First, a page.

At first glance the Via Duca d’Aosta looks like any normal road along the Italian coast. It sits off the Via Aurelia, the main road that hugs the coastline all the way to France which hums and buzzes with Italian traffic. A few vehicles turn off now and then to take the smaller road named after a Duke who was once Italian royalty. Rusty vans make up a large share of the traffic, they wheeze up the road ferrying supplies for the numerous greenhouses that cover the hillside, growing flowers for export. Only the Via Duca d’Aosta is no ordinary road, it is the Poggio, the final climb of Milan-Sanremo.
The Poggio was added to the route of Milan-Sanremo in 1960 as a way of livening up the finish but also to thwart foreigners, as many Flemish sprinters were winning the race in the 1950s, crushing local hopes. In recent years more climbs have been added but the Poggio was the first addition to the route and today it remains the last climb before Sanremo.
Towns and villages are hard to distinguish, urbanisation means the coastal road is a long string of buildings. But you can tell the Poggio is near for as you leave the village of Taggia – or is it Bussana? – there’s a lighthouse. Normally it warns shipping along the coast but for the cyclists it’s the visual cue that the Poggio is coming.
Poggio is Italian for “hill” but it’s not a label given by the race organisers, instead it’s the name of the village at the top. Not very original but it does communicate how the hill rises up from the coast and sits above Sanremo.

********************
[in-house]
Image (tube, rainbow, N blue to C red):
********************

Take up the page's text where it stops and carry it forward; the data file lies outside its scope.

There’s no sharp turn for the start of the Poggio climb. Instead the road splits off to the right with a ramp parallel to the main road meaning riders hit the climb at full speed, no braking or cornering. The climb is very fast and it has been freshly resurfaced in parts to make it even faster. There’s a good view at the top of the San Remo bay but the gradient is such that riders fly up.
A minute into the climb and there’s a series of hairpin bends. These are the hardest part of the climb… not for the gradient as they are flat. Rather they are tight and the road is so fast. Brake and you lose valuable momentum, the same if you take the wrong line. A mistake here can cost places and precious momentum.
The first two kilometres are the steepest but the gradient never rises above 5%. This is big ring territory and the gear choice isn’t just for the slope but for the corners, these are so vital that you need to be able to sprint out of them. The right wheel matters too as drafting the rider in front makes all the difference at 40km/h. This first section is where the attacks often happen because the slope and the bends mean a strong rider can put time into his rivals. Or try.
After 2km there is a chapel on the left and a restaurant on the right, here the road levels out and straightens out. If a sprinter is with the leaders here, there’s a good chance they can hitch a ride to the top. It keeps climbing up but now at 2-3% with one short 8% ramp in the middle. Again being on a good wheel is crucial.